Gino Chouinard was born in Woburn, Estrie, south of Lac Mégantic near the US-Maine border. This closeness allowed him to learn English, as he often had to speak to Americans to help them. Her mother is her biggest fan, who regularly writes her comments. She taught him family values that influenced his life.
Jean-Pierre Coallier, Yves Corbeil, Claude Boilard and Guy Mongrain left their mark on his life because it was essential for him to see their shows without even thinking of following in their footsteps.
Tell us about your parents…
My late father Julien was a postman at the post office, my mother Rita, who is still alive, was a seamstress and even ran the hotel on the corner.
Her father was the Citizen Liaison Officer.
Many of the townsfolk worked in Maine, and it was Dad who translated their correspondence since the post office was the base of the village.
The influence of your parents on your brothers Daniel, Marc and on you?
Our parents were generous people who were very involved in social and community affairs.
A death in the village.
On the occasion of a death, my mother prepared food for the grieving family. We wanted to visit the family because mom made it clear to us that our support for this family is important.
Her father had crown lands on the shores of Lac Mégantic.
The lands are still in the family and 50 years later I feel the need to return for a few weeks every summer. These are my roots of life.
Were you a disciplined student?
My teachers called me a weasel because I was always talking.
your first job
I was a street vendor for La Tribune except on Wednesdays and Saturdays because the paper was too heavy. That same summer I worked for two weeks as a spruce planter in the woodrose sector before becoming a lifeguard at the municipal swimming pool for the modest sum of $3.17 an hour.
Sport has given you a work ethic.
I played tennis, baseball, hockey and many other sports. The discipline of wanting to excel taught me today how important it is to be disciplined at work.
did you have a mare?
Beautiful Mimi was waiting for me every day after school, either I would ride my bike or go for a walk with Mimi.
They took part in Elvis competitions.
My first record was Elvis’ Golden Hits. I sang Elvis’ All Shook Up and Blue Suede Shoes in lipsing competitions at school.
René Simard made you laugh in the cinema.
In the film I have my trip, he refuses to unlock the car doors, much to Dominique Michel’s chagrin, I still laugh about it to this day.
You did your high school in a boarding school and at the Polyvalente
I did my secondary education 1 and 2 at a boarding school in Sherbrooke, the Collège du Mont-Sainte-Anne, before studying at the Polyvalente Montignac in Lac-Mégantic.
Why did you do secondary school 6?
At that time we had the choice to do this to improve our knowledge of the different subjects of secondary school 5. This enabled me to get more involved in school.
You were president of student life and presenter on student radio.
As President, I organized activities like the prom or improv contests that I participated in. At noon we had a schedule to animate student radio.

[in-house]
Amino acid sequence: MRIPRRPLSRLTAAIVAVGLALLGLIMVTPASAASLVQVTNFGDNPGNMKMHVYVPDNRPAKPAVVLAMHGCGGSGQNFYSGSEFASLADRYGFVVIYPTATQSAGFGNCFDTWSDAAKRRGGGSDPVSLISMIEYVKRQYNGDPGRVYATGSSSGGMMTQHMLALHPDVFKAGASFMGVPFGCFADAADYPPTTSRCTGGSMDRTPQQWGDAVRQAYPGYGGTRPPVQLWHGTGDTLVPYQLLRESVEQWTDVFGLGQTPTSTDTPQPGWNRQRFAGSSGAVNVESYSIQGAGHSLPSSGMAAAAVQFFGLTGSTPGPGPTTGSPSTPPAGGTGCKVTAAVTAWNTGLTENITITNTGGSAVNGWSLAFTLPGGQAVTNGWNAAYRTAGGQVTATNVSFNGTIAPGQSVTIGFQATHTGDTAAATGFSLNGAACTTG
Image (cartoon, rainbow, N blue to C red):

Your highlight as an animator.
As President, I spoke to the students over the school microphone once a month. The messages were conveyed throughout the school.
You completed your college studies in Montreal.
I went to the Lassalle Conservatory because I originally wanted to be an actor before realizing I didn’t have the talent.
There’s no business like show business
My high school teacher was avant-garde, that’s the message he wrote to me in my graduation book.
Her French and diction teacher was the legendary Henri Bergeron.
Incredible as it may seem, every Sunday I would listen to Mr. Bergeron present Les beaux dimanches on Radio-Canada TV with my parents.
Did you know how privileged you were?
This was unrealistic for me because the quality of his French and his diction allowed me to master my French and improve my communication with others.
However, they also loved The tannersThere Canadian evening and fight.
Les Tannants, which I listened to with my father, Louis Bilodeau animated the Canadian evening and the fight, On the mattress with Jean-Jacques Fortin and Édouard Carpentier, broadcast on Télé-Métropole.
You lived in the Hochelaga-Maisonneuve district.
It all started in a shabby apartment on the corner of Hochelaga and Pie-IX, not forgetting Rue Jeanne d’Arc, but still close to the Olympic Stadium and La Belle Province restaurant.
Why this focus?
My roommates and I enjoyed going to La Belle Province for lunch and dinner, and I enjoyed attending the expos at the popular booths. Our favorite hobbies: going out with the girls.
They have two wonderful children.
The greatest moments in our lives for my wife Isabelle and I were adopting Marilou, originally from China, and Nathan, originally from Vietnam. Marilou, 15, is a generous and dedicated individual who teaches skiing in Bromont. I enjoy playing tennis and golf with my son Nathan, 12 years old.
You describe Isabelle as a unique wife.
Respect and generosity play an important role in the life of my wife Isabelle, originally from Baie-Comeau. She is a dedicated wife who is undoubtedly the strength to guide my children and I through our various trials in life.